Munchables recovers $62.5 million in user funds after exploit linked to North Korean hacker

Munchables, a Web3 game running on Ethereum’s Layer 2 network Blast, recently successfully recovered $62.5 million lost to an exploit.

platform disclosed The attackers voluntarily provided all relevant private keys to facilitate the return of user funds. Keys were shared that held $62.5 million worth of ETH, 73 WETH, and the primary owner key.

Pac-Man, the creator of layer 2 networks, corroborated In this development, the hackers said they returned all the stolen funds without demanding any ransom.

Additionally, Pacman announced that $97 million was secured in multisig accounts managed by Blast’s core contributors. These funds will soon be redistributed to Manchable and other affected protocols.

he added:

“It is important that all development teams, whether directly affected or not, learn from this and take precautions to further ensure security.”

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March 26th, Munchables warned Report exploits on the platform to the cryptocurrency community.On-chain investigator ZachXBT responds promptly identified Address where the stolen 17,413 ETH is stored.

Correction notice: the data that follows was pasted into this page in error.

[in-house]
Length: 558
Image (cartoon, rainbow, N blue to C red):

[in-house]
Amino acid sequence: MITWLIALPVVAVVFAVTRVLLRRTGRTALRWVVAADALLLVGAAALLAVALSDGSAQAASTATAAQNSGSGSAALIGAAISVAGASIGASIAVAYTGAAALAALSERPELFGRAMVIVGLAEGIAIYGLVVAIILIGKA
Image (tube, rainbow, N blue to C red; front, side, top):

According to research by ZachXBT, this exploit occurred due to the involvement of North Korean hackers among Munchables’ core developers.

Further research by ZachXBT Indicated Munchables said he was working with four developers connected to the hackers. Their GitHub usernames were NelsonMurua913, Werewolves0493, BrightDragon0719, and he was Super1114.

These four accounts likely belonged to one individual, as they approved each other’s work and financially supported each other’s wallets.

Solidity Developer 0xQuit Said The hacker performed the exploit by creating a backdoor that allocated a balance of 1,000,000 ETH before upgrading the contract implementation. This made it possible for the protocol to withdraw once it had accumulated a significant balance.

North Korean hackers

The incident sheds light on a common tactic employed by North Korean hackers who infiltrate crypto projects as developers and embed backdoors to facilitate future theft.

Ethereum developer Keone Hong Referenced A previous thread outlined signs that the developer may be a North Korean hacker. He said these individuals prefer his GitHub names such as SupertalentedDev726 and CryptoKnight415, incorporate numbers into their usernames and email addresses, and often use his Japanese ID.

he Said:

“If you see someone with an embarrassing background, a bunch of badges, and a bunch of big repositories with only one commit (to crush history), be careful.”

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